MMA: Power Ranking Every UFC and Strikeforce Lightweight Champion
So long as both Strikeforce and the UFC are under the same subsidiary, both the fans and media alike will continue to compare and contrast the opposing rosters.
The lightweight class has proven to be the most talent laden of all divisions as a constant crop of contenders emerges in what seems like a month-to-month basis.
Though Frankie Edgar and Gilbert Melendez remain the rulers of their respective organizations, where do all the champions of past and present rank amongst each other?
The Wildman first earned Strikeforce gold when he bested Josh Thomson over the course of five rounds. However, he dropped the title when Cesar Gracie fighter Gilbert Melendez bested him after their 25-minute affair.
Since then, Guida has become a perennial contender in the UFC’s lightweight class where victories over Rafael Dos Anjos, Nate Diaz and former Pride champion Takanori Gomi anchor the resume of the enigmatic fighter.
“The Carpenter” is currently reeling from defeat when he was edged by Benson Henderson, though both men earned “Fight of the Night” for their back-and-forth barnburner from last November.
A veteran of the Octagon, this AKA product has tangled with some of the best fighters in the world. Though “The Punk” may always be remembered for his highlight reel knockout loss to veteran Yves Edwards, his accolades outside of the UFC should merit recognition.
Thomson entered Strikeforce in 2007 where a victory over The Ultimate Fighter season 12 semi-finalist Nam Phan cinched him the Strikeforce U.S. lightweight title. The aforementioned Guida dethroned Thomson, though the 32-year-old later made amends by defeating the world renowned Gilbert Melendez in a one-sided bout in 2009.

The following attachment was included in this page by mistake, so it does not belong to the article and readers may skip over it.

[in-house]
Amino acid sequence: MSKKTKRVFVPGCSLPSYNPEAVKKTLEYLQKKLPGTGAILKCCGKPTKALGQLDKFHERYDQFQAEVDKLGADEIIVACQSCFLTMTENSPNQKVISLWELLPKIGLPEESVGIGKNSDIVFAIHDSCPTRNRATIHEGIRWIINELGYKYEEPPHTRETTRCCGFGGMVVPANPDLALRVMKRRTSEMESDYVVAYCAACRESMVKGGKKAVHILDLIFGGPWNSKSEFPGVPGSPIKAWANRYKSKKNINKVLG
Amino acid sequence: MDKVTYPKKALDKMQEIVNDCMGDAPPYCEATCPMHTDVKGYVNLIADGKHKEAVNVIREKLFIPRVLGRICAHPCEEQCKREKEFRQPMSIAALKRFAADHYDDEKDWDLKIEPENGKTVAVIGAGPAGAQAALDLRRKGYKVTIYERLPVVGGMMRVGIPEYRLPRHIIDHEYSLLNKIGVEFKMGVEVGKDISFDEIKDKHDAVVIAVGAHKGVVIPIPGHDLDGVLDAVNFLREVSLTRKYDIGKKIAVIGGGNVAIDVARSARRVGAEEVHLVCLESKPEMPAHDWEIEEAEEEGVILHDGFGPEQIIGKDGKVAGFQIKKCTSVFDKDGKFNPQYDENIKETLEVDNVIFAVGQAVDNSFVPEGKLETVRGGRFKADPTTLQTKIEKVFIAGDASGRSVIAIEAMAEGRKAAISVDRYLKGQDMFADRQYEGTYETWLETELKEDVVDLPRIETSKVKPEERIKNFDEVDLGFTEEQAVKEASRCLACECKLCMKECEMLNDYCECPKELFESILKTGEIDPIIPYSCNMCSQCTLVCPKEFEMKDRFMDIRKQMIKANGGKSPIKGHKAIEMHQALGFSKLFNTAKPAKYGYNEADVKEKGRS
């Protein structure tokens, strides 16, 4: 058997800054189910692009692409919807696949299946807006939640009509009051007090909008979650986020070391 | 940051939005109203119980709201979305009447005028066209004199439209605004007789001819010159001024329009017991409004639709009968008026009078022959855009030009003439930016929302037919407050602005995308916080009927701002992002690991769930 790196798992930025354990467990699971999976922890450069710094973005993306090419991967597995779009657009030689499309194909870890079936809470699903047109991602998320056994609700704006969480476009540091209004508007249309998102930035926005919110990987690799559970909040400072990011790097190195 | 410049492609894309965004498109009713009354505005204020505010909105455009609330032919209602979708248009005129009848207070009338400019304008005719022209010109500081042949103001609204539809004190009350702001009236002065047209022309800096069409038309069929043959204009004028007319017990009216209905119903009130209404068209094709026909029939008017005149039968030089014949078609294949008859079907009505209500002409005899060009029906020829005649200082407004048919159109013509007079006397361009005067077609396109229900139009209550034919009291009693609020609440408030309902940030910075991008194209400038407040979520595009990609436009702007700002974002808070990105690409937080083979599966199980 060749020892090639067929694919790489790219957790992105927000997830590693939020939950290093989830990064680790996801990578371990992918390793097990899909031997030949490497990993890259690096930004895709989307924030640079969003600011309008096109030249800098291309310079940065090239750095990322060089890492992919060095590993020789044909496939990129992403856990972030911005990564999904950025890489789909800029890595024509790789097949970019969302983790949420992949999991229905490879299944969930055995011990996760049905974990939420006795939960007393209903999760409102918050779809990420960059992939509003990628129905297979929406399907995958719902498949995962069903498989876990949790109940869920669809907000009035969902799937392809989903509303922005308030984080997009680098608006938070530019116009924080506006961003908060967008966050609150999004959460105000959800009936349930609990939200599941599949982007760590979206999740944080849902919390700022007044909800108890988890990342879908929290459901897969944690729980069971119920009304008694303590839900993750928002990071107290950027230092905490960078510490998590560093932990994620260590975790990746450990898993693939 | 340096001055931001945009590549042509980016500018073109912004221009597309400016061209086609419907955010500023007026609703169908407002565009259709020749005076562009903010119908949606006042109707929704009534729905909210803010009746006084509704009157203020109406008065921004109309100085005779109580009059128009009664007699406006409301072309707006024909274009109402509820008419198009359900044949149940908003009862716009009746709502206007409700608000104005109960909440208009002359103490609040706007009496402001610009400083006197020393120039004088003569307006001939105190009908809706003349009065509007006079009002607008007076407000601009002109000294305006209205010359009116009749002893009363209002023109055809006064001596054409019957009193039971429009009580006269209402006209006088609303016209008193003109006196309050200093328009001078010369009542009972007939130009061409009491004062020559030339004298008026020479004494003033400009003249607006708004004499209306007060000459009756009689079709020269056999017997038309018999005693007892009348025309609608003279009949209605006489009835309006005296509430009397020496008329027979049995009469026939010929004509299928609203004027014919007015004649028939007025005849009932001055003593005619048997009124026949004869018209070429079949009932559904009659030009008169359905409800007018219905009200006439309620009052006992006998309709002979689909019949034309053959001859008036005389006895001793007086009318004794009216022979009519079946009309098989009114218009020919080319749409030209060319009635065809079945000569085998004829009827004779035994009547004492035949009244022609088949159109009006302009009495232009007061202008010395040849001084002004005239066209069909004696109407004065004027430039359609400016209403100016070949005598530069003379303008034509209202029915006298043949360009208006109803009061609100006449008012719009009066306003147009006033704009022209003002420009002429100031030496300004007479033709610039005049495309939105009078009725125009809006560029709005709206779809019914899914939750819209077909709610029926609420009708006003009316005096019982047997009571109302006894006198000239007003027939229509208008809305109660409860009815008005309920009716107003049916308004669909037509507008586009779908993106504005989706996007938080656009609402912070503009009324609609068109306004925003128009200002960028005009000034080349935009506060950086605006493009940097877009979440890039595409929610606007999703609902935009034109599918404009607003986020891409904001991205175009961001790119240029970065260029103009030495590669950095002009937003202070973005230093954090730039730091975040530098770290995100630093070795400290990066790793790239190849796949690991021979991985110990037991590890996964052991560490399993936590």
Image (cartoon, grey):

Melendez exacted revenge in their subsequent rematch, though Thomson has since earned victories over Pat Healy and JZ Cavalcante along the way.
There’s something to be said about a man who’s only losses have come at the hands of current or former UFC champions. Sean Sherk removed himself from the welterweight fray in 2006 after incurring losses to both Matt Hughes and Georges St-Pierre.
A victory over Nick Diaz in his final 170-pound affair earned Sherk his shot at the then vacant 155-pound title, taking on Kenny Florian. For five rounds, the former collegiate wrestling stud took down "Ken-Flo" time and time again, grinding out the decision win.
Sherk defended his title once against Hermes Franca, though the bout was mired in controversy after both men tested positive for steroids. For allegedly taking performance enhancing drugs, the California State Athletic Commission served Sherk with a six-month suspension, which prompted the UFC to strip the Minnesota fighter of his title.
Since then, Sherk has gone 2-2 in his last four outings, last earning a victory over former contender Evan Dunham in September of 2010, which cinched both men “Fight of the Night” for their exciting rout.
Arguably the most important figure of the lightweight division, Jens Pulver was the man that started it all. “Lil Evil” first garnered praise amongst those in the mixed martial arts community when he entered the UFC, showing off the crippling power in his left hand with a knockout win over submission whiz John Lewis.
The victory propelled Pulver into the front of the line for a shot at the UFC’s 155-pound crown, where he defeated Caol Uno to earn the newly minted belt. Title defenses over Dennis Hallman and BJ Penn—who incurred his first loss at the hands of the former Miletich product—followed, cementing Pulver’s legacy as one of the all-time greats in the division.
A former two-time world champion, BJ Penn has seen and done it all.